But if you’re only just hearing of them with these past two albums like myself, don’t feel too bad, they didn’t really make an impact until the truly surprising Neverworld’s End in 2012, their only recording with the excellent Manuela Kraller. It was their first impact album, and elevated them into maybe potential first tier status alongside Nightwish, Within Temptation, and the like. Whether or not they can turn that maybe into a definitely depends largely on the success of Sacrificium, and the big question mark there is can Giersbergen succeed as the band’s new vocalist (and of course, is the songwriting as good or better than the last album)? For my tastes, I think they’ve nabbed victories on both those fronts, as I’ve been enjoying Sacrificium even more than the last one. Giersbergen sounds like a lighter toned Kraller, who was herself a near dead ringer for Tarja Turunen (albeit with less a pronounced accent).  The songwriting has managed to stay consistently sharp enough to produce a few really knockout hooks as on “Come With Me”, “Stardust”, and “Dreamkeeper”. And there’s a sense of adventure to the opening title track epic (always gutsy to start an album off with a ten minute track), as well as to the album’s string, piano, and vocal closer “Sweet Atonement”, a ballad that may not work entirely on a melodic level but is interesting to listen to regardless. I’ve found myself coming back to this album often —- sometimes to my surprise I’ll find one of its songs in my head throughout the day. A promising sign.

Takeaway: A great band for anyone who thought Nightwish died when Tarja was canned (I thought they got better really, so this is a double win for me). Also check out the Neverworld’s End album —- YouTube “Forevermore” and thank me profusely.

 

Brainstorm – Firesoul: My apologies to Andy B. Frank and the gang, it wasn’t that I willfully ignored you back in April, but your new album Firesoul had the misfortune of arriving directly in the midst of my receiving the new Edguy and Insomnium albums. Its not that I like those bands better… well, actually I do, but those were two releases that held the possibility of changing styles for both bands, for better or worse. I had to find out and so they immediately received my full attention, but in a way that’s complimentary towards you guys, because I’ve never had a reason to be concerned about what to expect on a new Brainstorm offering. You guys always deliver quality melodic power metal loaded with hooks and often impeccable choruses, and Andy sounds as ageless as ever. Consistency in producing good work is rare and admirable, and Brainstorm stand in the company of a select few in the power metal world in that regard. I love you guys.

Okay, with that out of way (hey I felt guilty!), here’s the thing about YOU not having listened to Brainstorm yet (because I know!): Cut it out, get with the program and get to YouTube, Spotify, or better yet just place an order for an album already. The new one’s a good place to start, it recalls some of the band’s best work from the Soul Temptation and Liquid Monster days. I’m speaking specifically of cuts like “Entering Solitude”, with its aggressively energetic, soaring chorus boasting a hook that is satisfying beyond belief. Using the word satisfying made me think of a Snickers bar, and perhaps that’s appropriate —- Brainstorm is the Snickers of power metal, they’re substantial on both the heaviness and melodic fronts, they’re a band with songwriters that understand how to perfectly balance those two elements to project, well, POWER. They’re like a steak and baked potato dinner… alright enough with the food metaphors, you get the idea. Other cuts worth praising here are the spectacular “Recall the Real”, “The Chosen” and the quasi-ballad “…And I wonder”, with its sneakily complex refrain and excellent guitar fills. That Brainstorm 2014 sounds just like Brainstorm in 2004 is not only a thing of wonder, its a blessing.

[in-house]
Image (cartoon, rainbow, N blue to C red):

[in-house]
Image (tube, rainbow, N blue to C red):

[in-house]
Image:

Takeaway: This is the most woefully under appreciated band in power metal next to the mighty Falconer. A decade plus of consistently solid to great releases should command everyone’s respect, and maybe that will start to happen finally. Also, Andy B. Frank’s name is fun to say!

 

Triptykon – Melana Chasmata: Tom G. Warrior is back yet again with his second Triptykon album, and its also one of the most complex, densely written records of the year —- and that could be a great thing or a horrible thing depending on how well you can digest this stuff. In case you’re out of the loop, Triptykon was born in 2008 from the ashes of Celtic Frost, and in spirit and in sound it serves as a spiritual successor to that legendary band. Personally I’ve been a fan of Warrior’s work in general, even finding a few things to like about the infamous Cold Lake album (no, not “Dance Sleazy”), so my perception of this album might be vastly different to newcomers who should probably start off with one of the classic Celtic Frost releases. Of course a familiarity in the complexities of bands like Emperor would be a plus in being able to process the sheer unorthodoxy that is on display here. I really do like this album and feel that its one of the stronger records of 2014 overall, but it took me well over a dozen spins front to back to even remotely begin to feel that way. And I don’t mean a dozen cursory spins, I mean a dozen sit down with your headphones strapped on and close your eyes kinda spins. Its a tough nut to crack.